That's what some people call us. But I'm not a glorified babysitter. I'm a real one.
My 17-year-old daughter lined up a nice babysitting gig for herself. Then she got an opportunity to spend two weeks in Ontario visiting family and dumped the gig on us. It works out well for our friend, the mom, since we don't take pay for our services.
The girl's almost three years old and speaks mostly Spanish. She seems to like me, but barely speaks to me at all. She prefers to gesticulate when around me. I can't really figure it out. I can speak Spanish. But it doesn't matter whether I speak Spanish or English--all I get is a lot of finger-pointing. I get my share of smiles too, so it's not all that bad.
In contrast, with my wife, she chatters like a little parrot. She comments on everything, asks questions about me, talks about everything, sings songs, but once I set foot in the room, she clams up completely. I can't figure it out.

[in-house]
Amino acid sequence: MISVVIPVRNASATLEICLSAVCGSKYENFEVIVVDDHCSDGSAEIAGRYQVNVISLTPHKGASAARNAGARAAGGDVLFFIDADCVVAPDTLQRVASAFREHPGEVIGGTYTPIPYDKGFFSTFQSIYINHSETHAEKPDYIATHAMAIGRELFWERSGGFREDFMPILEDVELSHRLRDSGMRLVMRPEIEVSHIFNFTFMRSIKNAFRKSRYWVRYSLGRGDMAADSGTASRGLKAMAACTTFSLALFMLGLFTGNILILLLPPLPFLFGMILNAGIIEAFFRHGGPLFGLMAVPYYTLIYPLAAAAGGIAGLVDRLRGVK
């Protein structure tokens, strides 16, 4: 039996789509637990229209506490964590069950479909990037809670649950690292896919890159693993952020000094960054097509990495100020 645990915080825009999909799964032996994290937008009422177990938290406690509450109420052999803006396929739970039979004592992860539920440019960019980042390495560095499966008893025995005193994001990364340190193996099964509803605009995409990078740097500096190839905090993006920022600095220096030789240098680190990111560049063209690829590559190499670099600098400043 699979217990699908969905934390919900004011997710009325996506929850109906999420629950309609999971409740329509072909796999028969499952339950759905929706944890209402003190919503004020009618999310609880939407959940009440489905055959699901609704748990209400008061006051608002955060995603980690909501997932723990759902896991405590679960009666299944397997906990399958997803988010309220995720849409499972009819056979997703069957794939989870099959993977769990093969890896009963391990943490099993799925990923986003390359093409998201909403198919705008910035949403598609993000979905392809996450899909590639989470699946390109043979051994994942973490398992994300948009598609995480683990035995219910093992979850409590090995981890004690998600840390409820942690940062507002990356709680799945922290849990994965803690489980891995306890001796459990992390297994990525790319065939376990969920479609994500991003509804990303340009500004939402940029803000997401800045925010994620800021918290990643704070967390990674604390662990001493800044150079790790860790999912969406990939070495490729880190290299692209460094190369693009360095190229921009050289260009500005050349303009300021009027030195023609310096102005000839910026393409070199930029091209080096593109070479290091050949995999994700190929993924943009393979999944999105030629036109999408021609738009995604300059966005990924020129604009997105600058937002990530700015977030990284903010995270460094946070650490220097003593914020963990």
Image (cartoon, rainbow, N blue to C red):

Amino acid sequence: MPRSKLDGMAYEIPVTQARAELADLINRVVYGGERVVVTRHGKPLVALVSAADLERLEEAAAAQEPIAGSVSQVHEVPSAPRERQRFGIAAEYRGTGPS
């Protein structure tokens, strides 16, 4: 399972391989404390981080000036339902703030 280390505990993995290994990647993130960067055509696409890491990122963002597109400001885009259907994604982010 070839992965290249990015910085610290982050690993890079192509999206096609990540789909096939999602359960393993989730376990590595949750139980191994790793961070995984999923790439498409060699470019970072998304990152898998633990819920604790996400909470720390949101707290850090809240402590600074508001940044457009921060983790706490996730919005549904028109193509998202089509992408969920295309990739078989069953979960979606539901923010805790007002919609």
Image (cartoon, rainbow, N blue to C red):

As an ESL teacher, one of the best things I do is open kids up and get them talking. This is pretty important because I often teach beginners. For some reason, a lot of ESL teachers prefer not to do that. I'm fine with it. You can often see really rapid progress, and for the most part, I do.
But I'm having the opposite effect on this little girl. I have no idea why.
What this lets me know is as a teacher, I'm completely different from a babysitter.
Views expressed herein are solely those of the author or authors, and do not reflect views of my employers, the United Federation of Teachers, the MORE Caucus or any other union caucus.
Stories herein containing unnamed or invented characters are works of fiction. Names, characters, businesses, places, events and incidents are either the products of the author’s imagination or used in a fictitious manner. Any resemblance to actual persons, living or dead, or actual events is purely coincidental.